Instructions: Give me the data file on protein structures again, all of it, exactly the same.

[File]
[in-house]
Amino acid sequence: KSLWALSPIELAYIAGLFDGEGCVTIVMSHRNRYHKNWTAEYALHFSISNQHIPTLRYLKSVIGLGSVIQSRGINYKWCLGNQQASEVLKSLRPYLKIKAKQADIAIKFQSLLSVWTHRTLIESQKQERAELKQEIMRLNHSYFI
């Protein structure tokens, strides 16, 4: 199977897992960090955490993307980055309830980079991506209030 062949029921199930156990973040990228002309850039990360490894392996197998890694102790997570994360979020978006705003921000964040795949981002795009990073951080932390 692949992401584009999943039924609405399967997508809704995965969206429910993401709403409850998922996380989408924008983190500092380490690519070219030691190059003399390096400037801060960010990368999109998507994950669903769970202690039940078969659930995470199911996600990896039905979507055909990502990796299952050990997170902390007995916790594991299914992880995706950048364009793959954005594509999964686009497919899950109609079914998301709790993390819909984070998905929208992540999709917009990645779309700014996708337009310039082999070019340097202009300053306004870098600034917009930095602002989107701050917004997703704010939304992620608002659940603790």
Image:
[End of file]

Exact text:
[in-house]
Amino acid sequence: KSLWALSPIELAYIAGLFDGEGCVTIVMSHRNRYHKNWTAEYALHFSISNQHIPTLRYLKSVIGLGSVIQSRGINYKWCLGNQQASEVLKSLRPYLKIKAKQADIAIKFQSLLSVWTHRTLIESQKQERAELKQEIMRLNHSYFI
């Protein structure tokens, strides 16, 4: 199977897992960090955490993307980055309830980079991506209030 062949029921199930156990973040990228002309850039990360490894392996197998890694102790997570994360979020978006705003921000964040795949981002795009990073951080932390 692949992401584009999943039924609405399967997508809704995965969206429910993401709403409850998922996380989408924008983190500092380490690519070219030691190059003399390096400037801060960010990368999109998507994950669903769970202690039940078969659930995470199911996600990896039905979507055909990502990796299952050990997170902390007995916790594991299914992880995706950048364009793959954005594509999964686009497919899950109609079914998301709790993390819909984070998905929208992540999709917009990645779309700014996708337009310039082999070019340097202009300053306004870098600034917009930095602002989107701050917004997703704010939304992620608002659940603790």
Image: